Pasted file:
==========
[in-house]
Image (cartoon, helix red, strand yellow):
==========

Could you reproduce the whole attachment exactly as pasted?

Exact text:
[in-house]
Image (cartoon, helix red, strand yellow):